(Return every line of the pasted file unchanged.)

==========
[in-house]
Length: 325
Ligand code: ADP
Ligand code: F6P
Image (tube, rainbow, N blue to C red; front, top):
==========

[in-house]
Length: 325
Ligand code: ADP
Ligand code: F6P
Image (tube, rainbow, N blue to C red; front, top):